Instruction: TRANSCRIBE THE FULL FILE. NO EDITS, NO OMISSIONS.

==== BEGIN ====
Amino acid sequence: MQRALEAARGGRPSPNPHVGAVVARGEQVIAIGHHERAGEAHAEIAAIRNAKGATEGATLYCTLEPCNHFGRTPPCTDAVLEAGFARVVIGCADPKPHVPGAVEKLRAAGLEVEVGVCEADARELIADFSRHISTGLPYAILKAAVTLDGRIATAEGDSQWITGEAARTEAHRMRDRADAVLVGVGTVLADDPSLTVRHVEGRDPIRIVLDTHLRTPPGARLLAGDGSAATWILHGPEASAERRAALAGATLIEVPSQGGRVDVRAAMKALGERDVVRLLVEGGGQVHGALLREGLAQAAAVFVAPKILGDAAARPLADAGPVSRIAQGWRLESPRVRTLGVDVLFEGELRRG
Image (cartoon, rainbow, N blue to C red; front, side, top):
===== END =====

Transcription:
Amino acid sequence: MQRALEAARGGRPSPNPHVGAVVARGEQVIAIGHHERAGEAHAEIAAIRNAKGATEGATLYCTLEPCNHFGRTPPCTDAVLEAGFARVVIGCADPKPHVPGAVEKLRAAGLEVEVGVCEADARELIADFSRHISTGLPYAILKAAVTLDGRIATAEGDSQWITGEAARTEAHRMRDRADAVLVGVGTVLADDPSLTVRHVEGRDPIRIVLDTHLRTPPGARLLAGDGSAATWILHGPEASAERRAALAGATLIEVPSQGGRVDVRAAMKALGERDVVRLLVEGGGQVHGALLREGLAQAAAVFVAPKILGDAAARPLADAGPVSRIAQGWRLESPRVRTLGVDVLFEGELRRG
Image (cartoon, rainbow, N blue to C red; front, side, top):